Travelling in South Africa


South Africa is certainly one of the most beautiful countries in the world! It is a large country with a huge and fascinating diversity in nature, fauna, flora, climate, culture, religion and language. You will find everything from desert to cities, African villages to luxury shopping malls, golf courses to nature reserves, mountains to plains, forests and long stretches of unspoilt beaches.  


The problem for you will be to decide what to see and experience this time and what to save for your next visits.

The Western Cape and the Cape area in particular offer a great selection of activities and sightseeing. The distances between places of interest are not too far and you can experience a great many things without using up most of your time driving. If you wish tips on things to see and experience have a look under Pringle Bay and Towns and Activities and if you have any questions do not hesitate to contact me. 


South Africa’s population is estimated to just under 50 million and we have 11 official languages – Afrikaans, English, Ndebele, Pedi, Sotho, Swazi, Tsonga, Tswana, Venda, Xhosa and Zulu.  


Time difference for Europe is a maximum of 3 hours.


For information about how to get to and around in South Africa visit the Transport page.


The private health care is of excellent standard – the first heart transplant was made in Cape Town – and some people visit South Africa to make use of the private health care e.g. having eye laser surgeon or other operations. It is also expensive so make sure that you have a valid travel insurance that will cover you in the event of you having to make use of it.  




Since South Africa is such a large country the climate varies a lot. Some areas are quite warm all year around, i.e. Durban, whiles others get very cold and occasionally gets snow during winter, i.e. Drakensberg. The climate of the Cape area is quite similar to that of the Mediterranean.

Western Cape is the only Winter Rainfall area in South Africa. This means that the Western Cape gets its rain during May-September and it very rarely rains November-February. The other parts of South Africa mainly have their rain during the summer months.

The South African summer in the Cape area is warm with day temperatures around 20-35 degrees Celsius. It is generally cooler along the coast and gets considerably warmer further inland. The warmest month is February when the humidity is also quite high.  


The South African winter in the Cape area generally vary from 10 - 20 degrees Celsius during the day, with more chill during the night. The houses are not heated to the same degree as in Europe so if you plan to visit during this time bring along some warm clothes.

When you expose yourself to the sun remember that the African sun is very strong and it is recommended that you use a sun lotion with a high UV protection factor - even on cloudy days.


Water, Food, Wine


  • A great advantage of traveling in South Africa is that the water is completely safe to drink directly from the tap. However if you prefer mineral water you will find a great selection in most grocery shops from 200 ml to 5 liter bottles.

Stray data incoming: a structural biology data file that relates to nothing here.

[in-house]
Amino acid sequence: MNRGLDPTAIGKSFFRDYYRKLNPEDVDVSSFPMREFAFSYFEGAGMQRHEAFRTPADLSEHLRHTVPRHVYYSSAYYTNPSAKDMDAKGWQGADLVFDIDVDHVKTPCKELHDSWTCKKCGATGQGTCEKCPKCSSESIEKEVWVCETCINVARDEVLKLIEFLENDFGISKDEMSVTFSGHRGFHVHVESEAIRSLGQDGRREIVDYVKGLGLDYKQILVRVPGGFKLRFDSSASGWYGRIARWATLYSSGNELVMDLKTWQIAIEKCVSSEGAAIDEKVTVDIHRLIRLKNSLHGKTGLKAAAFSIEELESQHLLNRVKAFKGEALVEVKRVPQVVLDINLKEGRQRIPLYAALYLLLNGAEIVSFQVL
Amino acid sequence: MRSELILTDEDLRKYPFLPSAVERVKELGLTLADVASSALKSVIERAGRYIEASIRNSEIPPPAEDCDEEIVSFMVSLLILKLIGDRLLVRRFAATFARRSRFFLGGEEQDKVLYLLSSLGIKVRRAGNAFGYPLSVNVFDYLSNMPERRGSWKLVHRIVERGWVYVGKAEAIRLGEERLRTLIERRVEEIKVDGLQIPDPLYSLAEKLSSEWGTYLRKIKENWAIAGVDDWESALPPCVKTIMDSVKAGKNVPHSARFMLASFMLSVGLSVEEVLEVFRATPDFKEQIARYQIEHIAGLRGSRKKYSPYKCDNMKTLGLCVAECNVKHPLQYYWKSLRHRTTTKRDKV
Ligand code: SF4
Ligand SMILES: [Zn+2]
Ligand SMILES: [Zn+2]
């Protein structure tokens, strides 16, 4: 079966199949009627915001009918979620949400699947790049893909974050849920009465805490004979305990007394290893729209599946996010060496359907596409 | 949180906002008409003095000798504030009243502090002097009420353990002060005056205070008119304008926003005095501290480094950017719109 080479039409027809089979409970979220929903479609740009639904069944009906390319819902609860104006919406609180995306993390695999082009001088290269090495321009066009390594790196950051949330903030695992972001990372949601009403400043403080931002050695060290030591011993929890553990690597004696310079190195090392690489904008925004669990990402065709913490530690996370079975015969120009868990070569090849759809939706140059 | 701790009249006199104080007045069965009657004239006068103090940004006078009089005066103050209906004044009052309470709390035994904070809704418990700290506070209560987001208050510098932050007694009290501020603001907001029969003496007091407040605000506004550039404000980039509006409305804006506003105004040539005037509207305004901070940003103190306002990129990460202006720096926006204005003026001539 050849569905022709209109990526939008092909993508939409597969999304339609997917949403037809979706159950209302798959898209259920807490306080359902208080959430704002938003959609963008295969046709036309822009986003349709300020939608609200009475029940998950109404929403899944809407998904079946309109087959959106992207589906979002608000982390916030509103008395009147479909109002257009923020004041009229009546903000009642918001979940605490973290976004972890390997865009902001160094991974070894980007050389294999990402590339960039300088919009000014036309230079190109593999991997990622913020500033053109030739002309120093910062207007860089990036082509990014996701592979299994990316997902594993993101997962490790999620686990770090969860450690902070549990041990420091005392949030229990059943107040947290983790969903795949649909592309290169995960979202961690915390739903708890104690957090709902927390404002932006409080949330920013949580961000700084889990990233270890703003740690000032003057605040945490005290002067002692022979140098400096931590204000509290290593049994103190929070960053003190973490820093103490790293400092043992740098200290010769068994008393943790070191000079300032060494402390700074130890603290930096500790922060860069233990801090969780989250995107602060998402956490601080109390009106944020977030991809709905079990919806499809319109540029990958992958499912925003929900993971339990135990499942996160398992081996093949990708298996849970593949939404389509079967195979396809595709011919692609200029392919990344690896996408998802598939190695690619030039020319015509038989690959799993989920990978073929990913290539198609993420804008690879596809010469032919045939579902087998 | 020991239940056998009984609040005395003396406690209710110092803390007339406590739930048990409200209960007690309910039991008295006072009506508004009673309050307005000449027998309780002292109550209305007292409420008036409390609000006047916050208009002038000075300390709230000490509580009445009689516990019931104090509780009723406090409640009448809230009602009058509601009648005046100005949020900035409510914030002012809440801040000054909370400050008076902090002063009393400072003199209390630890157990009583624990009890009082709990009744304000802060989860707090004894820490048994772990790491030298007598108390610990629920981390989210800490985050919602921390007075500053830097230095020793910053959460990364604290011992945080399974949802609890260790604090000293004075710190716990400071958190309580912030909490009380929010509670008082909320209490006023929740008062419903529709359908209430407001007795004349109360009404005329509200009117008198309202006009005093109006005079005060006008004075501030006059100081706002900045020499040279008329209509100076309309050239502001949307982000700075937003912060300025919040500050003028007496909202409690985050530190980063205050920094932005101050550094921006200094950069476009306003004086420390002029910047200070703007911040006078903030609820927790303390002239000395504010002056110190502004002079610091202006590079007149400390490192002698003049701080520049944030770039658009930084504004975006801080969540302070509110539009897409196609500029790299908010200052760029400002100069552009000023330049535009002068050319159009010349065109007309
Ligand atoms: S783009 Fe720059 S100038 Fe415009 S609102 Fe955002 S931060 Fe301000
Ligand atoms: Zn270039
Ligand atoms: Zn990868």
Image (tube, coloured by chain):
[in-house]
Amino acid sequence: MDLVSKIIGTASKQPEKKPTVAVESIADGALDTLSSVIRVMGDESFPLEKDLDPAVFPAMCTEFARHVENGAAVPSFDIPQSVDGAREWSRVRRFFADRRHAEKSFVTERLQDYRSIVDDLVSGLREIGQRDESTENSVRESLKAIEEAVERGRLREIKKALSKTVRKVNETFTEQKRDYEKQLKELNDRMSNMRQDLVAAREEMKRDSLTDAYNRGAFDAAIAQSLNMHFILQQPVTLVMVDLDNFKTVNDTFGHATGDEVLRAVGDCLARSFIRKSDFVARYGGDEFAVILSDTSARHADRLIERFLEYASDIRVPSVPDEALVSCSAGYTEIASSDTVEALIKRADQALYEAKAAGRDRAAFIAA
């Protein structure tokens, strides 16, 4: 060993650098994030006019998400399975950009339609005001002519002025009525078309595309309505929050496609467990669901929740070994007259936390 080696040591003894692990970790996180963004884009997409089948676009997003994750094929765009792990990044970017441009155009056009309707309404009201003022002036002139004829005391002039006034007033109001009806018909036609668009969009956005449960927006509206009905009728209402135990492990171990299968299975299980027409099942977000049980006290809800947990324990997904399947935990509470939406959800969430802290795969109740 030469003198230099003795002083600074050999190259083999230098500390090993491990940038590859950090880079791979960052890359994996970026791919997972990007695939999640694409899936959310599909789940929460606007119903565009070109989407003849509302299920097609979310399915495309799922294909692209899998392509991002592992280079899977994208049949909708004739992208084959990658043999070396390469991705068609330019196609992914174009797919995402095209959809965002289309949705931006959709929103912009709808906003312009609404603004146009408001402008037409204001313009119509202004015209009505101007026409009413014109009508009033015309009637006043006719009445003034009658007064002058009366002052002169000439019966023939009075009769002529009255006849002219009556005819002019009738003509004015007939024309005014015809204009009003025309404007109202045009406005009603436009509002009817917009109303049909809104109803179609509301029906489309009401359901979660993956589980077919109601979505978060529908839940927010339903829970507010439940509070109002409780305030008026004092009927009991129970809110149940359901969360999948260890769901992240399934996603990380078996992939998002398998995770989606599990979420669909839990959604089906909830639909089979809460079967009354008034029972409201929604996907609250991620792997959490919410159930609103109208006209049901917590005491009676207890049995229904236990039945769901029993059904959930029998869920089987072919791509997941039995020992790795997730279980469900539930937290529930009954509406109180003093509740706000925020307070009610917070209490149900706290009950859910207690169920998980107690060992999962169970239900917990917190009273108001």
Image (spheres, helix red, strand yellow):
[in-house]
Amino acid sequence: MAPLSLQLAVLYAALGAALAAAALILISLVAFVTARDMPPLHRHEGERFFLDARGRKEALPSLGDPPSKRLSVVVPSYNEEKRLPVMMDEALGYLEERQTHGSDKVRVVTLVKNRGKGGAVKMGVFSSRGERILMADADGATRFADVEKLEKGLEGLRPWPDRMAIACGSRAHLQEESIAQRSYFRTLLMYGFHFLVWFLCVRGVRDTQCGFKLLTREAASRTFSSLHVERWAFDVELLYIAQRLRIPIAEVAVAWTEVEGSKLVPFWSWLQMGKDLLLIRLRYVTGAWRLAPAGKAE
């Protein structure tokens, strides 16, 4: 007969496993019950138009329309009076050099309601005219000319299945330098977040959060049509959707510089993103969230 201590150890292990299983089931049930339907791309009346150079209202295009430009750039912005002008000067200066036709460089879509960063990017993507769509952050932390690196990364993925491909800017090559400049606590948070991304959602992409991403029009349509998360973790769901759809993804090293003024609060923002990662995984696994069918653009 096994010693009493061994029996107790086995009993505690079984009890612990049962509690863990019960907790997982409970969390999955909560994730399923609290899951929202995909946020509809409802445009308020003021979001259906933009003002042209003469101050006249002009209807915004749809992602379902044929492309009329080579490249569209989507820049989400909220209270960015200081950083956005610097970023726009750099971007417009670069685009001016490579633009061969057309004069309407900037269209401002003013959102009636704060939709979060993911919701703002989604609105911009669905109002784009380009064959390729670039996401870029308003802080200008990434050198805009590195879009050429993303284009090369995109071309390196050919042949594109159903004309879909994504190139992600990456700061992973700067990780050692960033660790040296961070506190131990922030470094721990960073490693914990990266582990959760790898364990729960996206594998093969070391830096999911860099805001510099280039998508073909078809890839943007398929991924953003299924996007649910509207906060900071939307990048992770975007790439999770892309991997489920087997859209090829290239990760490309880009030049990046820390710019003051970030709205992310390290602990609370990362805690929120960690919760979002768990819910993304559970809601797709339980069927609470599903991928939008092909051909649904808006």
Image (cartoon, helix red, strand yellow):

• In general in the cities and larger towns you can find anything you normally would find in a European grocery store (even Wasa knäckebröd and salt liquorish). The selection and quality of both fresh and processed food is great and even though the prices have gone up considerably the last years it is overall still comparably cheaper to similar or same goods in Europe.


  • You will find a great variety of fresh fruits and vegetables. At most grocery shops you will also find a big variety of frozen vegetarian foods such as soya sausage, chunks and vegetarian schnitzels.


  • The quality of restaurant food is great value for money. You can choose anything from top range exceptional fancy restaurants to common fast food chains such as McDonalds - and anything in between. Even though most of the South Africans are serious about their meat (try to attend a traditional braai) most restaurants will have vegetarian options.


  • The following meat is well worth trying: Kudu, Crocodile, Ostrich, Warthog, Springbok (national animal and also the name of the South African Rugby Team).


  • Many local dishes are inspired and originate from the Malaysian kitchen, try Boboti, Briyani or Curry. Also try the Butternut soup, tomato bredie (stew), waterblommitjie bredie (stew), dry woers (dried sausage) and biltong (dried meat).


  • At most restaurants you can ask for a "doggy bag" for the food you can not finish - have it for lunch the next day or give it to someone needy.


  • Service charges are not included in the prices on menus and the guide line is to add 10% to the total as tip/service fee.


  • South Africa has a huge variety of high quality local wines - visit one of the many farms for tasting or a grocery shop to buy a bottle of wine for your meal.


  • Many restaurants permit you to bring with your own wine - a small corkage fee is asked.





  • All accommodation – self catering houses, B&B, guest houses, hotels and camping sites usually keep high standard and are clean.


  • Make sure to book with an establishment that is a member of a Tourism Bureau, graded by TGCSA (Tourism Grading Council of South Africa), AA graded etc as these establishments have to adhere to certain minimum criteria in regards to equipment and service.


  • If possible make bookings directly through the owners as you will be able to get the best price not having to pay commissions (payable either by guest or owner).


  • Public places and toilets in malls, restaurants and petrol stations are mostly clean. You can often find changing and nursing rooms at malls.


  • Electrical appliances are run at 220 Volt 50 Hertz (except in Pretoria 230V and Port Elizabeth 200/250V). Plugs are not always compatible but adaptors can be bought at most grocery or hardware shops.